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Musical discourse-

freedom of musical speech

The Hues formed as a band during an exercise for improvisation on a residency of Applied Music, UHI. In the making and formation of this recording, I tried to explain my desire to 'talk' to each other musically, with the freedom of musical speech. Each one of us came from a different genre of music.  I suggested to try a polyphonic improvisation on the blues scale, or to engage in dynamic schemes, such as 'question and answer'. However, my suggestions caused confusion and were not accepted. Eventually we decided that each one of us should take a lead in turns, following chord progressions again... On the recording you hear Charlie's lead first, then Eilidh's. 

In my opinion musical discourse is often missing. I mean the spontaneous discourse between two or more musicians. Most of them hold on to some formal structure such as chord progressions, notation or melody. Compare it to speech. Imagine, you wanted to talk to somebody, and the person can only read from a book, or always follows the same pattern of thought and doesn't answer your questions. I have musical opinions and questions, I would like to talk. I don't even know If would be able to speak fluently in music, because I haven't spoken for so long, and if, then to myself on the piano. Every Sunday, I meet with other musicians and together we read classical works. I love doing it, but I don't learn speaking free. On Thursdays, I sometimes join the traditional speakers of music in the pub, but I still struggle with the language, which comes in so many songs and tunes.

In my expressionless despair, I wrote a constitution. 

Constitution for a Democratic Orchestra

An ensemble has three role-positions: the audience, the conductor and the composer



§1 The Right to Silence

 Only the conductor has the right to silence. The conductor may request silence from any member at any time. Counting is a rhythmic perpetuation of the right to silence.


§2 Freedom of Speech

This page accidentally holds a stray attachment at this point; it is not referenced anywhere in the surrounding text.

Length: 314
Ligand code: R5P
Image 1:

a) In the democratic orchestra all members are composers.

b) The composer has the freedom of musical speech (unless being silenced by the conductor).


§3 The Right to Listen

Every listener has the right to play as every player has the right to listen.

a)    Every member may assume any of the three role-positions (conductor, composer and           audience).

  • The role of the conductor is arrived by vote or nomination.

  • The positions of composer and audience are assumed by individual choice at any given time.

b)  All listeners are immediate members of the orchestra.

Democracy in music

If music is a language, all members of a conversation should be included. An audience however, is excluded from participation. Who decides what is being played by whom, and who has to be silent? A conductor, perhaps?.

I would like to investigate forms of musical performance in regard of democratic inclusion. If nobody listens and all are speaking, chaos may occur. If all are listening to one person, a clear phrase will be heard. When the listener is not excluded from participation, then between listener and performer lies a very democratic process of finding agreements of harmony. Who will listen to whom and why?

I believe that harmonic agreements in musical discourses lie at the heart of democracy. The twelve semitones within an octave relate to each other in a way that each is different from the other, but some harmonise in intervals, while others are perceived as dissonant. Harmony is derived by tension and movement, not through a majority vote.

The rule of law

In fact, the legal basis of cultural democracy already exists. It is underpinned by the UK’s treaty obligations. Article 27 of the 1948 UN Declaration of Human Rights states that ‘Everyone has the right freely to participate in the cultural

life of the community, and to enjoy the arts’(Holden, 2008).

Holden, J. (2008). Culture opening up the arts for everyone. London: Demos.

The Hues (2018). Collaboration of Charlie Houston, Eilidh Grant, Felix Saunders, Uta Korner for Applied Music, UHI

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